• Create a one-way flow through your facility to ensure the spacing and prevent congregation points.
  • Consider offering online or phone ordering with curbside pick-up or delivery
  • If bagging product(s) is required, offer bags but ask customers to bag their own. If customers bring their own bags, ask them to bag their own product without having employees touch the bags; provide space for this.


The distance that COVID-19 can spread through the air is controversial but studies show that an indoor environment is more hazardous than outside since respiratory droplets can float in the air and be recirculated by indoor ventilation systems.

  • Where possible use an outdoor venue for some or all of your business.
  • Increase ventilation rates in your building
  • Ensure that your HVAC (heating and air conditioning) is serviced and set for full outside air rather than recirculation. This may require negotiation with your building landlord.
  • Open windows when feasible.
  • In small rooms, a local filtering or air disinfecting system may help.
  • In open-plan environments, like restaurants, some sort of protective barriers can reduce the flow of air from one person to another.


COVID-19 spreads through contact with infected surfaces. Although the CDC indicates that this is not the main way that the virus spreads, customers will still be wary of this possibility.

  • Quarantine and sanitize any items or surfaces touched by customers after each visit and before the next customer arrives.
  • Display merchandise in ways that let customers browse without touching it.
  • Routinely clean and disinfect commonly touched surfaces of your facility including doorknobs, credit card machines, counters, handrails, etc. via a predetermined cleaning plan provided to all employees
  • Pay special attention to restrooms including leaving disinfectant wipes for any to use; wipe faucets and doorknobs after use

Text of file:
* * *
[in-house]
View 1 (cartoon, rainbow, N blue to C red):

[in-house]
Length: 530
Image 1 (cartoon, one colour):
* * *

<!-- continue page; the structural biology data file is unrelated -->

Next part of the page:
• Promote touchless payment systems
  • If you must have customers sign something, be sure to provide sanitized pens that go immediately into a “dirty” container for sanitization before reuse.
  • Since cash gets handled by so many people, staff should wash their hands or apply hand sanitizer after handling cash
  • Use an EPA-registered disinfectant and ensure proper contact times keeping the surface wet for a duration that ensures viral destruction
  • Use disposable covers on chairs/tables used to serve your customers
  • Remove unnecessary items that may become contaminated
  • Stop permitting returns or quarantine/sanitize returns before restocking.


  • Check and log the health status of each employee each day. Obviously, anyone showing symptoms cannot be at your business establishment.
  • Provide alcohol-based hand sanitizer that contains at least 60% alcohol
  • Place hand sanitizer strategically at the entrance of the facility and in multiple locations throughout to encourage frequent use
  • Provide tissues and no-touch waste receptacles for customers
  • Require mask usage that covers both the mouth and nose for both staff and customers
  • Face shields can provide an additional protection
  • Provide posters both outside and inside the facility encouraging hand hygiene and mask use
  • Ensure customers understand what is expected of them before they enter your business.